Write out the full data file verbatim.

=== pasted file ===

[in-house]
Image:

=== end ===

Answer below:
[in-house]
Image: